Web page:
1. (c.) Psychoanalytic Criticism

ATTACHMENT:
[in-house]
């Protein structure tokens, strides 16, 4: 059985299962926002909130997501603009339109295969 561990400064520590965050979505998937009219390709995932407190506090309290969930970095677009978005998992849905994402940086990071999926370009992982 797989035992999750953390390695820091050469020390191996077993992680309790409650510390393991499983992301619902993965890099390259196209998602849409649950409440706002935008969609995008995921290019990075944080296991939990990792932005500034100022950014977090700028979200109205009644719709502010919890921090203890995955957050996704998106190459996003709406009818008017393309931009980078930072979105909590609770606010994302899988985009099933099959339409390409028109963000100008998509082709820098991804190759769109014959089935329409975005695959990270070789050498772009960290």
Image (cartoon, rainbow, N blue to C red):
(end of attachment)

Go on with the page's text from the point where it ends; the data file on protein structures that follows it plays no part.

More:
Psychoanalytic Criticism was first mooted by the Austrian neurologist Sigmund Freud. It deals with the mind of the author at the time of writing hence the “psycho” aspect of it. The text is seen as a dream and the readers unravel the mysteries of the dram as they read and endeavor to gain understanding of the text. In this theory, the author’s mind, the impact of the text on the reader and the third character are of paramount importance. This theory came from psychology. It is a theory that has undergone evolution since it was propounded hence many other similar theories have stemmed from it. The basic tenets will be discussed here. (www.wikipedia.org/wiki/psychology) From the psychoanalytic perspective, the act of writing is some form of escapism where the writer takes the opportunity to evade his harsh realities and frustrations. The author finds refuge in writing and as he expresses himself, he will be inadvertently venting his pent up pressures and achieving a sense of release and peace from within in the process. (Makamani,2009:65) It is assumed that the writer enters a state of abnormality, like a person in a trance and in that subconscious that inscribes what is to be written about hence most authors’ works end up as near autobiographies. A case in point is Chinua Achebe in his poem “Refugee Mother and Child” in which a vigorously narrates and describes the squalid and inhuman conditions of the refuge camps during the colonial era in Nigeria. The reader can tell from the strength of the words and the vivid description in vitriolic diction that this in nothing but a first hand experience. He could have intended to simply describe the situation but his psyche takes over and as readers, we have an insight into his bitterness and anger. Psychoanalysis concerns itself more with what the author never intended to say than the obviously stated feelings. It deals with he covert more than the overt....
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